“I’m very worried about everyone else who could not leave the country”Selene Biffi

Master’s student at the Cambridge Judge Business School, Selene Biffi, has helped three of her former pupils escape Afghanistan. Biffi told Varsity that she “spent days working round the clock on papers, logistics and coordination” to help her students and their families escape to safety.

The students all formerly attended the Qessa Academy in Kabul, Afghanistan — which Biffi founded in 2013.

‘Don’t abandon me’

In August, as the Taliban took over the Afghanistan capital, Biffi started receiving panicked texts from her former students. ‘Don’t abandon me’, one message read.

“Distressed is the first word that comes to mind when thinking about those moments”, Selene Biffi told Varsity, “although that was certainly not the only feeling then: there was sadness, anger and pain too, all of them in equal, overwhelming measure. However, I refused to give in and watch things unfold from a distance, and instead leveraged the feelings I had to look for options to help.”

‘I thought we wouldn’t be able to get into the airport’

Sayed Wakil Hussaini, one student who Biffi helped escape Afghanistan, received a message from his former teacher shortly after the Taliban took Kabul. The message asked him for a list of his family members who required evacuation.

Biffi then instructed Hussaini to travel to Kabul airport early the following morning.

The chaos surrounding Kabul airport that day, with members of Taliban firing shots into the air, initially led Hussaini to believe that escape was unlikely. Hussaini eventually managed to get on a plane to Italy. The family left all their possessions behind.

In a “concerted effort”, Biffi also helped two other families escape Kabul on the same day as Hussaini.

“It was made possible by people in both Italy and Afghanistan, who have selflessly helped me make it happen,” Biffi explained. “It wasn’t easy at all.”

Despite her relief that Biffi was able to answer her pleas to leave the country, one of Biffi’s former students, Soheila Dorosti, remains fraught with grief and worry; “I love my country”, she told CNN, “I love my people, I have a lot of friends in my country, and I don’t know what’s happening for them. It makes me so sad.”

Dorosti is now residing in a small town in southern Italy.

Following a period of quarantine, the students were reunited in Italy with their former teacher.

Adapting to life away from Afghanistan

On the challenges that her students will now face as refugees, Biffi highlighted that “adapting to a new country is never easy”. She also stressed the importance of “getting documents first and foremost and receiving support at the centres they are currently staying at”. Biffi said that the families will need “considerable patience” throughout the process, for which they are receiving some help.

“Many people have reached out to me to ask how they can support”, Biffi continued, “and some of them have sent items or are sending messages of support directly to my former students on a daily basis.”

“They all have hopes and dreams for their future outside of Afghanistan, and I hope we will be able to support them fulfil these dreams as much as possible”, Biffi concluded.

The “school for storytellers”

Selene Biffi founded the Qessa Academy with money she won from the Rolex Award for Enterprise. The academy has been described as a “school for storytellers”, aiming to support the preservation of traditional Afghan folk tales by “creating a venue for master storytellers to teach their craft to younger generations.”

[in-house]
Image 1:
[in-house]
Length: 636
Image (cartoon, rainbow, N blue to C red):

Some of Biffi’s former students have gone on to work at local radio stations and as teachers.

Biffi is a master’s student in Social Innovation, as well as a social entrepreneur with a focus on education and youth empowerment.


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Biffi also co-authored The Teacher of Kabul, a book about her experiences in Afghanistan and her dedication to “rebuild from its roots” a country devastated by war.

Neil Stott, co-Director of the Masters of Studies in Social Innovation programme at Cambridge Judge Business School, told Varsity: "The MSt in Social Innovation programme is designed to bring students from a wide range of backgrounds to address the greatest challenges facing the globe -- and universal access to education is clearly one of those vital challenges."

"We are always proud", Stott added, "when students like Selene step up and take action, big or small, to make a tangible difference to people's lives."

“Everything looks very dark”

After the US withdrew troops from the country, the Taliban took control of Afghanistan in August, facing little resistance as they entered Kabul, with President Ashraf Ghani’s rapid departure leading to the collapse of the Government. Tens of thousands of people were desperate to escape the country, with memories of the Taliban’s former rule, decades previous, looming.

The BBC recently reported that Afghan girls are being prevented from attending secondary school. Many fear the return of the Taliban’s restrictive regime in the 1990s, which saw the rights of heavily rescinded in education and beyond.

The New York Times reported on Monday (27/09) that women will be banned from Kabul University.

Taliban officials are yet to make a decision on the matter of the education of girls, but have previously stated that women will be able to work and study in compliance with its interpretation of Sharia Law.

“Though on the one hand I’m very relieved that [my students] were able to come to Italy” Biffi commented, “I’m very worried about everyone else who could not leave the country.”

Varsity has contacted the Cambridge Afghanistan Society, the University, and the Cambridge Judge Business School for comment.